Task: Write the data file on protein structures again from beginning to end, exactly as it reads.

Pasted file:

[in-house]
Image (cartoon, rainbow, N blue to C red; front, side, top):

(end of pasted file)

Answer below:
[in-house]
Image (cartoon, rainbow, N blue to C red; front, side, top):